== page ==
A guide to the amount (and types) of fat you should eat each day
- Saturated Fats
So how much and what kinds of fat should you be eating? Expert guidelines suggest that 20 to 30 percent of your daily calories should come from fats, and no more than 10 percent from the saturated variety. Based on a diet of 1,800 calories a day, that’s between 40 and 60 grams of fat daily. Follow these suggestions to keep your portions in control.
Many of us know saturated fats as “bad” fats, but new research has led experts to question whether they are linked to heart disease, as previously thought. And one study even found that certain saturated fats can be metabolized by your body faster than others, which means they are rarely stored as flab.
1 tablespoon butter (salted) (12 g fat, 102 cal)
1 tablespoon coconut oil (14 g fat, 117 cal)
8 ounces reduced-fat milk (2 percent) (5 g fat, 122 cal)
3 ounces cooked ground beef, 85 percent lean (13 g fat, 212 cal)
If a fat is solid at room temp, it’s likely saturated.
- Polyunsaturated Fatty Acids (PUFAs)
These fats tend to be liquid at room temperature, like oils. PUFAs can help reduce the risk for type 2 diabetes and heart disease by helping improve cholesterol.
1 tablespoon safflower, corn, sunflower, soy, cottonseed, peanut, or other vegetable or nut oil (14 g fat, 120 cal)
1 ounce dry-roasted sunflower seeds (14 g fat, 165 cal)
PUFAs are often in plant-based foods.
- Monounsaturated Fatty Acids (MUFAs)
Eating this form of unsaturated fat can help improve cholesterol levels.
1/4 avocado (7 g fat, 80 cal)
10 large green olives (4 g fat, 40 cal)
1 tablespoon peanut butter (8 g fat, 94 cal)
MUFAs may steady blood sugar.
- Omega-3 Fatty Acids
These may protect against cardiovascular disease. “Getting sufficient omega-3s is tough,” says Blaue. You’d have to eat salmon three times a week to get 500 milligrams per day of O-3s, the amount needed to reap the heart benefits.
3 ounces cooked salmon (4 g fat, 114 cal)
1 can sardines (3.75 ounces) in oil (11 g fat, 191 cal)
1 ounce walnuts (about 14 halves) (18 g fat, 185 cal)
Fish oil may fight body inflammation.
- Omega-6 Fatty Acids
To help decrease the risk of dying from coronary disease, “people should get a 1-to-1 ratio of omega-6 fats to O-3s,” says Blaue. Otherwise, our bodies can metabolize O-6s in a harmful way. “Most American diets,” she says, “have a 20-to-1 ratio of O-6s to O-3s.”
1 tablespoon margarine (11 g fat, 101 cal)
2 tablespoons Caesar salad dressing (17 g fat, 163 cal)
1 tablespoon almond butter (9 g fat, 98 cal)
O-6s can help you absorb more vitamins from food.
How to Keep Stroke at Bay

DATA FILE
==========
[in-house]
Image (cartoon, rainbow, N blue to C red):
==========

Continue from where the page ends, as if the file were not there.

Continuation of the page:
Stroke can affect everyone regardless of their age and sex. You might think that you’re healthy one minute then the next you’ve been hit by this cardio problem. Although those who often smoke, drink, and eat unhealthy meals are highly likely to suffer from stroke, you can never be too sure unless you learn how to keep this disease at bay.
If you want to avoid triggering stroke, these tips can help you out.
Pay attention to your emotions. Depression is a silent killer and one that can increase your risk of stroke. When you feel depressed, your body won’t function properly thus putting you at risk of suffering from various health issues with stroke being on top. If you are aware of your feelings, you will be able to get help from your family and even professionals to address this issue immediately.
Exercise more. Exercise has always been recommended by doctors to those who want to stay healthy because keeping your heart pumping and your blood flowing prevent buildup of plaque in your arterial wall. This also promotes more oxygen being delivered to different parts of your body which can boost their functions.
Sleep. If you think that late nights are good for your health, you should think again. Sleep plays an important role in your health as it is at this moment of rest does your body regenerate itself. Without proper sleep, you’re putting yourself at risk of suffering from high blood pressure which can trigger stroke when you are not careful.
Drink in moderation. If you often go out with friends or party all night, you’re probably drinking several bottles of booze every night. Although you’ll look cool in the presence of your friends, you are not actually helping yourself in terms of health. Too much alcoholic beverage can wreak havoc in your liver which can increase your cholesterol level and putting you at risk of suffering from stroke. Following the recommendation of one glass of wine for women and two glasses for men should be beneficial to you rather than drinking several bottles of beer.